Siegel: "Oh certainly, certainly. And of course, yes, we need the Texas Legislature to fix the broken public education funding system. But the federal government has two main tools: the carrot and the stick, right? And so the carrot is the funding we provide through title one, title two, other programs to support public education. So, I would like to see the federal government step that up, to raise the floor to make sure that all students have the bare minimums they need in terms of well-trained teachers, in terms of special education, technology in the classrooms, and even small class sizes. You know as a

former third-grade teacher, I know that teaching 20 kids is one thing, 35 kids is something completely different. And so we need to make sure that teachers are equipped to succeed. And then also I do think the federal government needs to think about enforcement against states that refuse to provide the bare minimum. And so the Department of Justice should hold states like Texas accountable if the state refuses to provide the basic necessities for a quality education."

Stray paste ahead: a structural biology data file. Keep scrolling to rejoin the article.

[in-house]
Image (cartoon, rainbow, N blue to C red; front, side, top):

Goudeau: Another issue on the mind of a lot of parents, particularly and especially when it comes to education, is guns and gun control. Particularly what we saw at Parkland, what we saw at Santa Fe High School. Do you think there needs to be changes in our current gun laws and if so, what would you like to see?